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Artist Date Recap: Black Suburbia at the Schomburg

Artist Date Recap: Black Suburbia at the Schomburg
A quote from the "Black Suburbia: From Levitttown to Ferguson" exhibition at the Schomburg Center for Black Culture.  A black man was denied the opportunity to purchase a home in Long Island, New York.

A quote from the “Black Suburbia: From Levitttown to Ferguson” exhibition at the Schomburg Center for Black Culture. A black man was denied the opportunity to purchase a home in Long Island, New York.

 

For this past week’s Artist Date, I took myself to the “Black Suburbia: From Levittown to Ferguson” exhibition at one of my favorite cultural institutions, the Schomburg Center for Research in Black Culture. I’m at the Schomburg at least twice a month because they have great programming (I’ve attended discussions there that involved everyone from George Clinton to Chimamanda Adichie to Ruby Dee), fascinating exhibitions and a glorious, world renowned archive of books, letters and other materials related to the African diaspora.

This particular exhibit highlighted the quantitative and qualitative experiences of black suburban life. There were videos, books, charts and pictures to peruse. As a former urban planner, I was interested to see how this exhibition would be put together and I am probably a harsh critic of such efforts given my background.  One part that I feel could have been much better was the presentation of demographic data. For most people, maps and statistics are not the sexiest things in the world. Knowing that, great care should be given when presenting such information so that it is visually engaging without losing the value of the data. There were a few boring maps and data sets on display that looked like they belonged in a dissertation.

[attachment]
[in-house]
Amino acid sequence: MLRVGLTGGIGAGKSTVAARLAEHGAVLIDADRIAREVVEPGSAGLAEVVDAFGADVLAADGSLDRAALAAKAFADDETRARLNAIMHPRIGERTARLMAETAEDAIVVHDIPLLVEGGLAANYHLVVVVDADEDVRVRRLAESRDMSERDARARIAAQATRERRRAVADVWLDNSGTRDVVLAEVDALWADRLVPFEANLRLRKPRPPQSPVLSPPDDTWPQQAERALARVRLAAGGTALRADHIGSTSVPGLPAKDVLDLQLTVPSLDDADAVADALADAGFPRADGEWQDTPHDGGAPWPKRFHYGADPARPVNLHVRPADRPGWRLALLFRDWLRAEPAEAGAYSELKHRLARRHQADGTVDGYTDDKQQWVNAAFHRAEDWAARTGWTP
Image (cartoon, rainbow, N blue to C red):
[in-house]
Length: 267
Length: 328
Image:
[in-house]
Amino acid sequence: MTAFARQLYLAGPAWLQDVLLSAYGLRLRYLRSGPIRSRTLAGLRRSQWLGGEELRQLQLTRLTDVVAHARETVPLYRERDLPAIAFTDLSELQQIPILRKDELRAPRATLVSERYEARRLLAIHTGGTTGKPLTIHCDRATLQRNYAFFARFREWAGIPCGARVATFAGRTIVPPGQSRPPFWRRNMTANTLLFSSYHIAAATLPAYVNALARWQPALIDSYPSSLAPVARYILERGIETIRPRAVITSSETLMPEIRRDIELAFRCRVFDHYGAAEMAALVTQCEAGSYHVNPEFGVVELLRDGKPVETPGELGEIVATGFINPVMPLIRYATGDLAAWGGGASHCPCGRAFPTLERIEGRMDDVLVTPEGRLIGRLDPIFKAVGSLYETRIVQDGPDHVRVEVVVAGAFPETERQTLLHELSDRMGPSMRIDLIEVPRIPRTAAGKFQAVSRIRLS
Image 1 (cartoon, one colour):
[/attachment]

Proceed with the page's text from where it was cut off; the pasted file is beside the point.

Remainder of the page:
Nonetheless, the exhibition was informative and there were other more engaging bits of the exhibition such as the old footage of white residents being asked about their thoughts on their new black neighbors. I also appreciated that the curators included other cultural aspects of integrated and segregated life such as music. There was a nice multi-media display about Compton and the rap group NWA.

All in all, it was a good Artist Date and I’m glad I went. If you’re ever in Harlem, you should visit the Schomburg!

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Posted by on January 4, 2016 in Creativity, Writerly Things

 

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Artist’s Way 3: Week 5

Artist’s Way 3: Week 5

 

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“A Subtlety” by Kara Walker

Week 5 is titled “Recovering a  Sense of Possibility.” It’s basically about nurturing yourself as an artist and getting rid of the 8,000 excuses you have for not feeding your creative spirit. A lot of times we feel pressure from other people and ourselves to be “selfless” or to just stay on the 9 to 5 track and nothing else.

Cameron is not suggesting that everyone ditch their day jobs to become underwater basket weavers, but she is suggesting that everyone should pay attention to and cater to their inner artists. You don’t have to quit your job, but you can buy an easel, a canvas and some paint. You can take a salsa class. You can create a bright orange accent wall in your living room. Let your inner artist be fed and be great. Get rid of those excuses! There is no upside to keeping roadblocks.

A quote from Collete in this chapter was my favorite for this week. “You will do foolish things, but do them with enthusiasm.”

For my Artist Date I went to see Kara Walker’s amazing art installation called “A Subtlety.”  It is a sphynx-like figure of a naked black woman made of 80 tons of sugar. This incredible artwork is housed at the historic Domino Sugar Factory in Brooklyn. The original structure was built in the 1850s and the factory was at one point refining more than half of the sugar in the United States. I knew about the factory’s existence (the sign is one of those NYC icons), but I did not know how old it was nor that it was such an integral part of the sugar industry. The curatorial statement was very enlightening.